Editorials

School bus commutes are too long for many

Kids shouldn’t have a 3-hour daily commute to and from school. But nearly 10 percent of the 18,062 routes traveled by South Carolina school buses in the 2013-14 school year exceeded the maximum of 90 minutes of one-way travel allowed by state law.

It is understandable that bus rides for students living in sparsely populated rural school districts would be longer than the average suburban commute. And state Education Department officials point out that sometimes the longer bus rides are necessary to carry a special-needs student across a county to a school that has the type of classroom or service that student requires.

But the obvious answer to the problem of bus rides that take more than an hour and a half to reach the school because they meander along a lengthy, winding route is: Buy more school buses.

The lack of enough up-to-date buses to transport children to school in a safe and timely manner is a perennial headache for the state. South Carolina is one of the few states that operates its own bus system rather than leaving that duty to individual districts or hiring private companies to transport students, and about half the state’s more than 5,600 buses are more than 15 years old.

And more than 400 of them are older than 25 years.

That is because the Legislature won’t appropriate the money to buy new school buses. As a stopgap measure, South Carolina has purchased old castoff buses from other states, but that has not come close to enabling the state to meet its goal of replacing the bus fleet every 15 years.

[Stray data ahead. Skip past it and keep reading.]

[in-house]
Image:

The problem of aging, decrepit school buses is a scandal in its own right. But the fact that many South Carolina children are spending more than three hours a day on a school bus makes it even more disgraceful.

Students have to wake up about 5 a.m. to catch a 6:15 a.m. bus. Then, after school, they often don’t get home until after 5 p.m.

Not only are the hours spent on the bus essentially wasted, the long commute also disrupts normal family life, deprives students of sleep and leaves little time for any activities after school other than homework.

A variety of studies have indicated that teens, on average, should get 8 1/2 to 9 1/4 hours of sleep a day. Less sleep than that leads to chronic health problems and poor performance in school.

If kids are rising at 5 a.m. and not arriving home from school until after 5 p.m., it is doubtful they are getting adequate sleep.

A three-hour commute is a significant chunk of the day, and the statistics for the state school buses indicate that in many cases, the commute is longer than that. Children need time for after-school activities, jobs, sports, family dinners and just relaxing, and a schedule that includes three hours on a bus makes that almost impossible.

South Carolina is obligated by the S.C. Supreme Court to ensure that all students across the state have access to a quality education.

Shorter bus rides for children in poor rural communities would be a good place to start.

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